6. Does social security offer any benefits that are not available under railroad retirement?
Social security does pay certain types of benefits that are not available under railroad retirement. For example, social security provides children's benefits when an employee is disabled, retired or deceased. Under current law, the Railroad Retirement Act only provides children's benefits if the employee is deceased.
The Railroad Retirement Act does include a special minimum guaranty provision which ensures that railroad families will not receive less in monthly benefits than they would have if railroad earnings were covered by social security rather than railroad retirement laws.
This guaranty is intended to cover situations in which one or more members of a family would otherwise be eligible for a type of social security benefit that is not provided under the Railroad Retirement Act. Therefore, if a retired rail employee has children who would otherwise be eligible for a benefit under social security, the employee's annuity can be increased to reflect what social security would pay the family.
7. How much are monthly benefits for survivors under railroad retirement and social security?
Survivor benefits are generally higher if payable by the Board rather than social security. At the end of fiscal year 2000, the average annuity being paid to all aged and disabled widow(er)s averaged $820 a month, compared to $770 under social security.
Benefits awarded by the Board at the end of fiscal year 2000 to aged and disabled widow(er)s of railroaders averaged about $1,020 a month, compared to about $675 under social security.
The annuities being paid at the end of fiscal year 2000 to widowed mothers/fathers averaged $1,030 a month and children's annuities averaged $680, compared to $570 and $530 a month for widowed mothers/fathers and children, respectively, under social security.
Those awarded at the end of fiscal year 2000 were $1,085 a month for widowed mothers/fathers and $915 a month for children under railroad retirement, compared to $585 and $545 for widowed mothers/fathers and children, respectively, under social security.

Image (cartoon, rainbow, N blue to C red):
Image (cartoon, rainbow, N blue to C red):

8. How do railroad retirement and social security lump-sum death benefit provisions differ?
Both the railroad retirement and social security systems provide a lump-sum death benefit. The railroad retirement lump-sum benefit is generally payable only if survivor annuities are not immediately due upon an employee's death. The social security lump-sum benefit may be payable regardless of whether monthly benefits are also due. Both railroad retirement and social security provide a lump-sum benefit of $255. However, if a railroad employee completed 10 years of service before 1975, the average railroad retirement lump-sum benefit payable is about $940.
The social security lump sum is generally only payable to the widow or widower living with the employee at the time of death. Under railroad retirement, if the employee had 10 years of service before 1975, and was not survived by a living-with widow or widower, the lump sum may be paid to the funeral home or the payer of the funeral expenses. The railroad retirement system also provides, under certain conditions, a residual lump-sum death benefit which insures that a railroad family receives at least as much in benefits as the employee paid in railroad retirement taxes before 1975. This benefit is, in effect, a refund of an employee's pre-1975 railroad retirement taxes, after subtraction of any benefits previously paid on the basis of the employee's service. However, an employee's benefits generally exceed taxes within two years; consequently, this death benefit is seldom payable.
9. How do railroad retirement and social security taxes compare?
Railroad retirement tier I and Medicare taxes on employees and employers are the same as social security taxes, with a rate of 7.65 percent, consisting of 6.2 percent on earnings up to $80,400 in 2001 and 1.45 percent for Medicare hospital insurance on all earnings. Rail employees pay an additional tier II tax of 4.90 percent on earnings up to $59,700 in 2001, while their employers pay tier II taxes of 16.10 percent.
Rail employers also pay a separate work-hour tax to finance the railroad retirement supplemental annuity program. The rate is determined quarterly and has been set at 26 cents per work hour through March 2001.
10. How much are regular railroad retirement taxes for an employee earning $80,400 in 2001 compared to social security taxes?
The maximum amount of regular railroad retirement taxes that an employee earning $80,400 can pay in 2001 is $9,075.90, compared to $6,150.60 under social security. For railroad employers, the maximum annual regular retirement taxes on an employee earning $80,400 are $15,762.30 compared to $6,150.60 under social security. Employees earning over $80,400, and their employers, will pay more in retirement taxes than the above amounts because the Medicare hospital insurance tax is applied to all earnings.
© 2001 Brotherhood of Locomotive Engineers